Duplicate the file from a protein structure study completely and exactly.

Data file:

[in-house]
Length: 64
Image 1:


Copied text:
[in-house]
Length: 64
Image 1: